Easter is a family holiday. Traditionally, we rush to church, we rush to visit our parents, grandmothers and grandfathers, to spend time with our closest of kin. At the same time, there are always people nearby, who are deprived of such opportunities. And as a result of the war, the number of such individuals has multiplied.
The Ukrainian Catholic University’s “Easter Together” Festival aims to offer a little bit of warmth and the spirit of tradition to those who, due to certain circumstances, either have no one to celebrate with or simply wish to familiarize themselves more in-depth with Ukrainian culture. For a couple of years in a row, UCU students had been organizing the festival in Odesa, Kharkiv and Kherson. This year, because of the war, the residents of Odesa, Kharkiv and Kherson came to Lviv.
Thus, our conversation today – with UCU philology student, volunteer and festival coordinator, Iryna Didych – focuses on the various challenges which the organizers were compelled to face, including the setbacks that were experienced, as well as the intended accomplishments that were achieved.
The conversation is being conducted within the framework of the UCU project “Little Stories of a Big War”.
Iryna, please elaborate, in more detail, about the “Easter Together” initiative?
This is a project of the UCU Student Association, which has already been taking place for many years in succession. The goal behind this initiative is to unite people around common traditions. I don’t know in what year it was first held; no one seems to remember. I think Archbishop Borys [Gudziak] initiated the project back in 2008. The current format of the “Easter Together” Festival took shape in 2018. I should point out that we hold a “Christmas Together” Festival as well.
A year ago, for the Easter holiday, we went to Kherson, which, unfortunately, is now occupied. This was during the Covid-19 pandemic, so the overall situation was very difficult. The year before that, we even had to cancel the live festival and instead held it online. This year we had planned to hold the “Easter Together” Festival in Odesa. By the way, we did manage to hold the “Christmas Together” Festival in Odesa this year. The combined celebration of both major holidays creates a bigger impact and people tend to remember more. Such back-to-back initiatives provide a broader and more integral picture of our traditions and the reasons why people unite around them.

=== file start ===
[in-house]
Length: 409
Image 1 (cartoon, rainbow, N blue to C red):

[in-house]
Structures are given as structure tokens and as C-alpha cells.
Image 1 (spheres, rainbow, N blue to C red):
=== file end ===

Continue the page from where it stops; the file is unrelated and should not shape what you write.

We even debated whether to organize the event in Lviv this year, but two weeks ago we agreed that we will hold the “Easter Together” Festival after all. We basically joined forces with the older generations of the Student Association and began to make preparations for the holidays.
How does the overall festival take place and what are its major components? Were you compelled to change the program due to the war?
For the most part, the festival’s program is rather traditional: one component consists of Springtime folk song & dance numbers [so-called “Hayivky”] for adults and Springtime games for children; another category is comprised of artistic workshops, where we create Easter eggs [so-called “Pysanky”], woven dolls [so-called “Motanky”],and other crafts such as mini-horses and mini-angels. This year, since we remained in Lviv and had access to the university’s technical equipment, we were able to bring on board a number of folk ensembles and choirs, who performed the Springtime “Hayivky” and folk songs.
We also added a component titled “An Easter Basket for the Soldiers” and collected food to devise holiday assortments for the soldiers. Children will make Easter eggs [Pysanky], write letters to our soldiers and create woven dolls [Motanky] as talismans. We will continue to ship these items to the men and women on the frontlines. The original premise of the festival called for travelling to the eastern and southern cities of Ukraine, but now people from the east and south of the country are being forced to come here due to the war. However, for the most part, the demographics of our participants have not changed.
There are people who take sides and go to extremes: on the one hand, some ask, how can you sing and dance when there is a war raging. On the other hand, some claim that the soldiers are preserving the peace, so that we may live a full-fledged life. What is your opinion on this account?
I believe that there is always an appropriate time and place for a holiday, even in wartime. The coming together of people as well as the offering of support to each other – such principles are even more important at a time like this. It may seem that folk dancing or Hayivky are trivial and unimportant. However, when people are ready to extend a hand to one another in order dance together, this means that they trust each other, which is why this festival is more important than ever before. Building trust between the residents of Lviv and its guests, is very timely. Thus, I believe there is definitely a time and place for a holiday. Yet, we need to remember for whom this holiday is taking place. For this reason, the festival has been supplemented by the added attraction “An Easter Basket for the Soldiers”.